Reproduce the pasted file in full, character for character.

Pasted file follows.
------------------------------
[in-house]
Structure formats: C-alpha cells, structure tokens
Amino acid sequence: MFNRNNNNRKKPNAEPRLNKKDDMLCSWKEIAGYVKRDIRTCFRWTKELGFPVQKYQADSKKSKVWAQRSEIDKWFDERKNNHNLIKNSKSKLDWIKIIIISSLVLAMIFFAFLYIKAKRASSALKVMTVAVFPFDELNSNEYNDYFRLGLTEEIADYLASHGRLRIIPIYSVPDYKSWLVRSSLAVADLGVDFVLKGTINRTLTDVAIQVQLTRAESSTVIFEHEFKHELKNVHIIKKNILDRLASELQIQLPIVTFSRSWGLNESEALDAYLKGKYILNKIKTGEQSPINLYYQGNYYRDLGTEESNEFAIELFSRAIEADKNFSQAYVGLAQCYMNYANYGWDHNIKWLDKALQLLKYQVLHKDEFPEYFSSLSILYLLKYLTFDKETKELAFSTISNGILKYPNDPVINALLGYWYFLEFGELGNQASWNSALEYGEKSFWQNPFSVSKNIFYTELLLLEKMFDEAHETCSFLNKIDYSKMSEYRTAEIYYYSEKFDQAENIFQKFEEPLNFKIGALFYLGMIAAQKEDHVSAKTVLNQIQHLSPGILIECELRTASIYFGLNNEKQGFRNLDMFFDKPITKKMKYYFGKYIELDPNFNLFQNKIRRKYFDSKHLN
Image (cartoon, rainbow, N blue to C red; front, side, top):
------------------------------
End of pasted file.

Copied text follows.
[in-house]
Structure formats: C-alpha cells, structure tokens
Amino acid sequence: MFNRNNNNRKKPNAEPRLNKKDDMLCSWKEIAGYVKRDIRTCFRWTKELGFPVQKYQADSKKSKVWAQRSEIDKWFDERKNNHNLIKNSKSKLDWIKIIIISSLVLAMIFFAFLYIKAKRASSALKVMTVAVFPFDELNSNEYNDYFRLGLTEEIADYLASHGRLRIIPIYSVPDYKSWLVRSSLAVADLGVDFVLKGTINRTLTDVAIQVQLTRAESSTVIFEHEFKHELKNVHIIKKNILDRLASELQIQLPIVTFSRSWGLNESEALDAYLKGKYILNKIKTGEQSPINLYYQGNYYRDLGTEESNEFAIELFSRAIEADKNFSQAYVGLAQCYMNYANYGWDHNIKWLDKALQLLKYQVLHKDEFPEYFSSLSILYLLKYLTFDKETKELAFSTISNGILKYPNDPVINALLGYWYFLEFGELGNQASWNSALEYGEKSFWQNPFSVSKNIFYTELLLLEKMFDEAHETCSFLNKIDYSKMSEYRTAEIYYYSEKFDQAENIFQKFEEPLNFKIGALFYLGMIAAQKEDHVSAKTVLNQIQHLSPGILIECELRTASIYFGLNNEKQGFRNLDMFFDKPITKKMKYYFGKYIELDPNFNLFQNKIRRKYFDSKHLN
Image (cartoon, rainbow, N blue to C red; front, side, top):